Do stepchildren have any legal claim to anything when a stepparent dies?

UPDATED: Aug 29, 2011

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Do stepchildren have any legal claim to anything when a stepparent dies?

They were never adopted and the stepparent had a child of his own.

Asked on August 29, 2011 Wisconsin


SJZ, Member, New York Bar / FreeAdvice Contributing Attorney

Answered 11 years ago | Contributor

Unfortunately, for purposes of inheritance--i.e. for purposes of intestate succession, which is how a decedent's (deceased person's) estate is distributed in the absence of a will--step child is not a recognized relationship. That is, if there is no will, the step child does not inherit anything (and therefore, his or her child also has no right to inherit). Only biological children, other blood relatives (e.g. siblings, parents), and spouses have rights to inherit in the absence of a will.

If there is a will, then it's a totally different story. A person can, by will, designate anyone to inherit--i.e. with a will, you can leave the assets to anyone. If there is a will, the assets go to whomever the will indicates.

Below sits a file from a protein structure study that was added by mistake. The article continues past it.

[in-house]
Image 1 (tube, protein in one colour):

IMPORTANT NOTICE: The Answer(s) provided above are for general information only. The attorney providing the answer was not serving as the attorney for the person submitting the question or in any attorney-client relationship with such person. Laws may vary from state to state, and sometimes change. Tiny variations in the facts, or a fact not set forth in a question, often can change a legal outcome or an attorney's conclusion. Although has verified the attorney was admitted to practice law in at least one jurisdiction, he or she may not be authorized to practice law in the jurisdiction referred to in the question, nor is he or she necessarily experienced in the area of the law involved. Unlike the information in the Answer(s) above, upon which you should NOT rely, for personal advice you can rely upon we suggest you retain an attorney to represent you.

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